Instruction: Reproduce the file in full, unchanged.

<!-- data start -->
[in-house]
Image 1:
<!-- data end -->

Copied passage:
[in-house]
Image 1: